Been meaning to read Vaclav Smil for a while. Thanks for your response

    1. “If nuclear completely replaced coal for electricity production, demand for rail freight in the US, and in China, would halve, freeing up capacity to replace road freight.”

      John, considering the much, much cheaper cost per mile for rail freight, I am pretty sure the reason that so much road freight exists is due more to those applications being poorly suited for rail transportation much more than it is due to lack of rail capacity.

  16. Our host has been rather absent again of late – one hopes he isn’t still fighting a blue funk over the way things are in nuclear

    1. @DV82XL – I’m lurking and learning. Sometimes one has to take a step back in a long running conversation and let others have the floor.

  17. Companies have as much of a right to exist as do people. Companies are in fact collections of people organized to a specific purpose and end. This is something that is guaranteed in the US constitution. This in my book is a given.

    To the extent of harming the world this comes down to which view point you take. You can take an anthropocentric or non-anthropocentric stance of where you base your values. Non-anthropocentrism is inherently flawed as it determines values that are “outside of human control” and are subject to the interpretation of those individuals who are in some way qualified to understand those values. It will eventually lead humanity to an anemic future of suffering and domination by an elite caste, effectively retrogressing our society. This is not an option. That leaves anthropocentric values.

    The mechanism that these values are determined in a free market (this is an important distinction) is done through price signals or rather the marginal utility of a good. Things that represent a harm generally also come with some benefit. Fossil fuels raised our global standard of living to unforeseeable heights. This is a good and has lead to the creation of wealth, end of widespread (state sponsored) slavery, saved many whale populations, and the list goes on. This has not come without cost, acid rain, smog, fly ash spills, super fund sites, and the list goes on (AGW). I will not apologize for a single gram of carbon that I have consumed in my lifetime or will consume.

    Where the problem comes in is when there is a disconnect between the collective harm of some commodity that is not included in the price. This sends the wrong signal to the market and will result in overconsumption of some good relative to the value compared to the harm. The failure that you talk about is in this. It is a market failure and is fairly easily rectified by establishing a tax on the good commensurate with its unaccounted burden. Then there can be no moral hazard associated with it as it is properly valued by the society. This is typically not enough for many environmentalists.

    The unsatisfied environmentalists advance such things as RES, REC, forced intrusion of the government into markets, advocation of the sacrifice of individuals wealth to serve a social need (that they determine). We can watch this great experiment in environmental socialism play out in Germany. Unfortunately, their last endeavor into socialism, turned nationalistic and ended up in the Third Reich. I am dubious of their track record in this regard. The abandonment of individual property rights is a very short step away from abandoning the rights of individuals. It is very unhealthy.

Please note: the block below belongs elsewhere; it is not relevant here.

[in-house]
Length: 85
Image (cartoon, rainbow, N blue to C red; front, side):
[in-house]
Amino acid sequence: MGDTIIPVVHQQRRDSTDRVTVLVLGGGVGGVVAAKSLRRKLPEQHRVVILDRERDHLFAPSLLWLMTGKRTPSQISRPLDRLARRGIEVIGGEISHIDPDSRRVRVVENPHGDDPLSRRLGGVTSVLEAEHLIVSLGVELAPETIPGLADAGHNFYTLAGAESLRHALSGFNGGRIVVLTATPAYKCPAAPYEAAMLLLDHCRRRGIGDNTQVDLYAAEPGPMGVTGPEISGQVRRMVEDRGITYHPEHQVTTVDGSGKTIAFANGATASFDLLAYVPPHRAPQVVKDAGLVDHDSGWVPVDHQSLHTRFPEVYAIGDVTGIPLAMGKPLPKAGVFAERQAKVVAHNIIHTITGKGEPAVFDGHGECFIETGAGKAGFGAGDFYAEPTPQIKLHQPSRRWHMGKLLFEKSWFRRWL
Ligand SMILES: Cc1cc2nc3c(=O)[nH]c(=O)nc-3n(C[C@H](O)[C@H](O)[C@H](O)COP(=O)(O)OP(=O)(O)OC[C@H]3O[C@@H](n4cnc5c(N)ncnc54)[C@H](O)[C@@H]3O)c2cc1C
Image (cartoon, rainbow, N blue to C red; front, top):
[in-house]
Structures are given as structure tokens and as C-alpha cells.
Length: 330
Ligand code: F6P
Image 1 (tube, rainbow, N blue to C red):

I am not sure if you understand what it is that you are asking for when you advocate the destruction of individuals’ capital to serve a social need. It is fundamentally an abandonment of individual property rights. It is demanding a sacrifice of wealth to satisfy a dubious end. I cannot and will not support such a course of action even to advance something that I hold as dear as nuclear energy. Individual liberty is perhaps the only thing worth killing another man over.

    Thus if we are to preserve individual liberty and not hose up our planet, we are left with a single course of action. Apply only enough constraints to the market as to internalize all costs and eliminate market failures (in nuclear’s case this is the excessive over regulation) while preserving and reinforcing individuals’ property rights. No more, no less. This is not as simple as it may seem, but is much less than others have advanced. Each country or group of countries (through treaties) can only accomplish this on their own or through agreement and has to be their decision. This is the only moral obligation. To do more would infringe on the individual and erode the fundamental structure of western democracy based on the ideas in the US constitution. Any reduction in individual liberty is amoral.

    I am not a fan of collective ownership. Collective ownership is paradoxically what leads to “The Tragedy of the Commons”. Individual property rights enforced under the rule of law, prevent such a tragedy. The collective ownership of the oceans’ fisheries is leading to over production and cheating on quotas. Thus the state owning a valley with such a concentration of mineral reserves is the real tragedy you are witnessing unfold in the Mataura Valley. The state has an incentive to set the rules in their favor to maximize their profits. Well who is the state? In this point of view it is not the voters it is those who are in control and who make the deals and receive the benefits from the transactions (if nothing else power). This is also the same group of people who are responsible for setting the rules and enforcing the rules. The rules are counter to the maximization of the resultant services to those in control. It makes the government more opaque.